In the age of "irresistible innovation" consumers should be telling their technology to "F-off" and leaving devices such as smart phones "in our pockets, where they belong," says the Future Foundation.
Speaking at the Future Foundation's nVision conference today (3 June), the consultancy's senior analyst Will Seymour argued that consumers are moving towards a trend of "casual connectivity".
The trend sees consumers moving away from being glued to their iPhones and tablets, and "forgetting to enjoy the real world", to a place where connected devices are used to help consumers as and when they need it.
Seymour envisaged a scenario where wearable technology will become useful to consumers, using an example of connected shoes, in which the left or right shoe would vibrate in order to tell people to turn left or right, instead of needing to walk down the street looking at a map on a smartphone.
Smartwatches and other wearable devices currently being developed by brands are the result of a "continuation of trends already bubbling to the surface," which are driven by consumers' actual behaviour and their subsequent needs, rather than by the development of technology itself.
"It is not that wearables are shaping new trends, but that new trends are shaping wearables," he explained. New devices will be expected to learn when consumers "don't want to look at their phones" or when consumers "are not receptive" to new messages. "Like Hogwarts' 'room of requirement', it's there when you need it".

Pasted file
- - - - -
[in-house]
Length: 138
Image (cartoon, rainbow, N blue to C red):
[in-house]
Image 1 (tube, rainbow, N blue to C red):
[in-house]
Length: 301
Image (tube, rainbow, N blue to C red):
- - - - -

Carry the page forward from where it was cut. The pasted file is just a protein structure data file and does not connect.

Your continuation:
"Performative leisure for the performative generation" is another trend that will become part of connected devices and wearable technology as brands become better connected with consumers' bodies, Seymour added.
The development of "biometrics", which involves taking measurements from the human body such as eye tracking and facial recognition, will lead to technology becoming empathetic with consumers, and able to guage what they want and do not want through their moods.
"This is the chance to create media streams that adapt to people's bodies," Seymour said, suggesting the example of a consumers' playlist that could change organically depending on the person's mood, how fast or slow they are running, or where in a city they have just passed through.
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